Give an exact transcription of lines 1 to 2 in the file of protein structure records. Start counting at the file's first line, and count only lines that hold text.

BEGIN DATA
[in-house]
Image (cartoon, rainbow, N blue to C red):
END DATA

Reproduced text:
[in-house]
Image (cartoon, rainbow, N blue to C red):